Things to do nearby Moor Head
Eskdale is a wonderfully unspoilt valley which offers fabulous food, real ales and a host of opportunities for walking and cycling for all abilities. Visitors will find Moorhead with its village location and beautiful views is perfectly placed to enjoy it all.
One of the most popular things to do in Eskdale is to take a trip on the famous Ravenglass and Eskdale Railway, more popularly known as the L’aal Ratty. This narrow gauge steam railway makes a leisurely seven mile journey from Ravenglass to Boot taking in some staggering scenery along the way. From Moorhead you can either catch the train just down the lane at Eskdale Green or along the road at Irton Road Station. Whether you make the journey down to the coast to the delightful village of Ravenglass or further up the valley to Dalegarth at Boot you can enjoy great walks and indeed a play park and café at either end. With prior arrangement you can put your bikes on the train at either end of the line and cycle back via the Eskdale Trail.
Walking in Eskdale is second-to-none. You will find a variety of routes to the top of Scafell and Scafell Pike to suit all abilities. Great Moss is one of the Lake District’s best kept secrets. This stunning open valley is surrounded by some of the highest ground in England, Scafell Pike, Esk Hause and Bowfell but hidden from view from the Eskdale valley floor. As well as big hikes to the highest fells, there are some lovely walks on the valley floor and along the beautiful river Esk. Why not take a walk up from the village to the wonderfully named Giggle Alley, from here you can head to the Japanese Garden a beautifully tranquil spot. At Moorhead there are a host of walking routes straight from the door including Muncaster Fell and the peacefully secluded Miterdale Valley. If you’d like your adventures taken care of by experts then Westlakes Adventure is a company based in Boot providing outdoor activities for individuals, couples, families and groups. Their activities include rock climbing, ghyll scrambling, paddle boarding and kayaking.
Further up the valley as you head up the steep switchback road that is Hardknott Pass (not for the faint hearted driver or passenger!) you’ll come to the staggering setting of Hardknott Roman Fort. The fort was built under Hadrian’s rule in the 2nd century. It guarded the pass on the road from Ravenglass to Ambleside and was policed by troops from the eastern Adriatic. Today visitors can explore remains including the barracks, commandant’s house, parade ground and bath house. Or you can sit and take in the view imagining what life was like here nearly 2000 years ago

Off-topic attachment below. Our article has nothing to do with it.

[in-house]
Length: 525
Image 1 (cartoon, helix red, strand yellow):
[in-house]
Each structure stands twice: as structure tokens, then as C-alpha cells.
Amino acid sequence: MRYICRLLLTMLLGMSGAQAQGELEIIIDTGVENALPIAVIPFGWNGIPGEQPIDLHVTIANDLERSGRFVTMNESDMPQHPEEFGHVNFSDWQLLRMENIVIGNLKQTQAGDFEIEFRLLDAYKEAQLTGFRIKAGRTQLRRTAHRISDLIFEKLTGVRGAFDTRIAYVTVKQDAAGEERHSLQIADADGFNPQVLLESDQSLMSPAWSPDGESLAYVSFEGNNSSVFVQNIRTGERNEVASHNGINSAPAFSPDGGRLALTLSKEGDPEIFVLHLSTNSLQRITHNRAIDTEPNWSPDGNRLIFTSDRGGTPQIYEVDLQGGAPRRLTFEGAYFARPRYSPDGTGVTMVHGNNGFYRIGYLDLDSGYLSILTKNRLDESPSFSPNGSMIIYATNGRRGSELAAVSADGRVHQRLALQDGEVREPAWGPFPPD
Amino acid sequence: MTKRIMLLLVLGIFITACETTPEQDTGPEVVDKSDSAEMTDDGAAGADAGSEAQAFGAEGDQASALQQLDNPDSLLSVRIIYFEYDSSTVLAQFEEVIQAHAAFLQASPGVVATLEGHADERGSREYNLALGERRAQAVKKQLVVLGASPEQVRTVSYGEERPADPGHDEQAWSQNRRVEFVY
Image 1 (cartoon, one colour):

As for the Cycling opportunities in Eskdale, well where to begin? For mountain biking the valley offers trails to suit all abilities with low level forest trails and more technical bridleways leading over to the Wasdale and Duddon Valleys and back again. For roadies you have one of England’s steepest roads at the head of the valley to challenge you. Indeed many of the Lake Districts most challenging cycling sportives (including the Fred Whitton, the Lakeland Loop and the Tour of the High Passes) go through the valley. If hills aren’t to your taste there are some lovely rides out towards the coast with rather less challenging hills.
Muncaster Castle makes a great day out, it sits high above the estuary where the river Esk meets the Irish Sea at Ravenglass and has a well-deserved reputation as one of Cumbria’s most popular attractions. The Castle makes a great rainy day visit where you can learn more about its colourful history. The original foundations of the building itself date back as far as 79AD - construction of the castle that you see today was started in 1258. As you can imagine with a castle in such an incredible position on the very edges of the country, it is steeped in history, with tales of kings and queens of murder and intrigue and ghostly presences everywhere! The grounds at Muncaster are just as much of a delight as you can watch stunning bird of prey displays, explore a meadow vole maze, enjoy the playpark, café and shop as well as seeing the most stunning displays of bluebells and rhododendrons when in season.
The next valley to Eskdale is Wasdale. Famously, with England’s highest mountain and deepest lake, smallest church and biggest liar, Wasdale still has an unspoilt tranquillity that belies its majestic grandeur. It is the most mountainous of the Lake District Valleys. From Wastwater in the valley bottom, the Screes climb, seemingly vertically, out of the lake. The valley has hardly changed in hundreds of years, and the natural splendour of the fells and lakes has been preserved in all of its glory.
If you’d like to head out of the valley you have many great options. Whitehaven is a Georgian Harbour town 20 miles up the coast with a colourful history involving rum, sugar and piracy! The Rum Story makes a great place to start your visit and from there you can follow their ‘Quest’ around the town’s historical landmarks. It is also the start to the 140 mile long C2C cycle route. Closer by is Egremont where you can find the remains of a Norman Castle and just south of the town is Florence Mine, the last working iron ore mine in Europe, and part of the rich mining history of West Cumbria. The visitor centre often holds concerts and art exhibitions.
As summer draws to its close The Eskdale Show takes place on the last weekend of September. This is a famous Lakeland agricultural show of Herdwick Sheep which are bred and reared on the surrounding fells by local farmers. The show also has competition classes for hound dogs, terriers, sheep dogs, poultry and shepherds crooks. There are also stalls full of Cumbrian goods, sporting events for children, fell racing, Cumberland and Westmorland wrestling events and hound trailing. It’s an excellent window into local farming life and a great day out.